Just when you think that the oft-fragile psyche Big Blue Nation can't get any, well, fragile-er, comes a news story that knocks your socks off. No, I'm not referring to another ESPN/Disney venture making Kentucky look like ground zero for racism, nor a piece on a former player whose love for a black woman prompted some bigots to show their true colors at the expense of the whole school's pride, nor even something as serious as a rape allegation or a fight between players.
No, this one is even stranger. Before we get into, though, a little background.
In most ways, Tennesee head basketball coach Bruce Pearl couldn't be more of a foil for Wildcats fans. He's loud, grating, outstanding at his job as UT coach and did I mention loud? He's also unabashedly ethnic in that uniquely showy Northeastern way (I live in NYC, so I'll paint with admittedly broad but well-founded strokes) despite having lived in the midwest and now the south for the better part of 20 years. For the mostly un-ethnic Kentucky populace -- and by that I mean that few I have known consider themselves part of any group other than Kentuckian -- such identity acknowledgement is tantamount to 'showing off.'
This latter fact wouldn't even be an issue if on prior occasions Pearl had not gone out of his way to really stick it to the citizens of the Bluegrass state, whose aforementioned tolerance in regards to being characterized as racist is understandably low.
Before being named national Coach of the Year at UT, Pearl was a head coach of the Wisconsin-Milwaukee Panthers. This after a successful stint as top dog at Division II Southern Indiana University. Then UWM head coach Pearl and his wife had this to say about their time in Evansville, Ind. (the town of my birth).
"It was way too close to Kentucky," says Kim. "I didn?t care for it. It was a little too red neck. Very red neck... My kids were the only Jews in their school. So when we had Jewish holidays, they had to go to school because school wasn't closed."
Having lived in Owensboro for a good portion of my life and having much of my family still there, I can see why someone from the area might take umbrage at such a statement. Given that Pearl has moved on to uber-cosmopolitan Knoxville, Tenn., the words ring even more hollow. Last time I checked, Tennessee was basically Kentucky without the bourbon, horses, attractive women or basketball. Memphis is barely in Tennessee and Nashville is Las Vegas lite.
Which brings us to the story at hand.
In the spring of 2004, Tubby Smith's recruiting was riding high. He had roped in not one, not two but three McDonald's All-Americans in swingman Joe Crawford (top 10), center Randolph Morris (top 10) and point guard Rajon Rondo (NBA draft pick No. 21 in '06), not to mention Parade All-American guard Ramel Bradley.
Despite repeated whining from a segment of the UK fanbase who were (a) intent on bringing in Kentucky's best player and (b) apparently not paying attention to the two Kentucky Mr. Basketballs whiling away on the UK bench, Tubby opted not to offer a scholarship to Mason County's sharpshooting guard Chris Lofton. Lofton had led his team to the state title as a junior and was far and away the best prep senior in the state. So, with no hard feelings -- he has said anyway -- he went to hated rival Tennessee instead.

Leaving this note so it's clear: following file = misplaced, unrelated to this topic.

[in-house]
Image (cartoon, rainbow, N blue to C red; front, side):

Like many Kentucky high school hoops heroes, he was not an overwhelming athlete. Hidden in that frame, however, was the heart of a lion, and all Lofton has done is set the freshman record for threepointers in a season, average 17+ points per contest, win an NCAA game on a last second shot and earn first-team All-SEC honors. For much of Mason County, who think of Lofton as a collective son, it was sweet vindication.
So when Pearl came calling a second time, this go-around to establish recruiting roots with the newest Mason County superstar, things got a little weird.
Despite being in the bluest of blue areas of the Bluegrass, Mason County got its orange on. It presented Pearl with a hero's welcome, and honored him as a Kentucky Colonel (NOTE: Not to hurt anyone's feelings, but I know several Kentucky Colonels ... one is an RV salesman, another a barber ... my point? Maybe those aren't that hard to come by ... ). This royal treatment has irked some UK diehards, who, for whatever reason, feel betrayed by the actions of the Lofton-ites.
The irony here is that what is getting some Big Blue fans so irate is the sense of betrayal and disloyalty they feel. This is the heart of Wildcat Country to them. And going Orange, as it were, is as bad as going Louisville Red.
But loyalty is all this is, as a favorite son has found his calling on the other side of an imaginary state line. However gaudy and overzealous the people of Mason County's actions are -- and they are a bit much -- calls for action and letter writing only further cement in people's minds that Kentucky fans are an overly sensitive bunch whose passion could be easily mistaken for self-righteousness.
Perhaps most interesting is that Lofton himself has more or less absolved himself of the whole thing. After returning to Rupp Arena, the location of his greatest prep triumphs, to stick a dagger in the heart of the Wildcats with a 31-point performance that sent the Cats even deeper into a tailspin, Lofton was serene, not strutting. As usual, it was the fans getting caught up in the process, not the kids themselves.
For the record, Tubby Smith has expressed regret that he didn't pursue Lofton harder, but hindsight is always 20/20. One thing is clear, though. Tubby won't be making that mistake again.
He has already offered a scholarship to 2008 Mason County forward Darius Miller.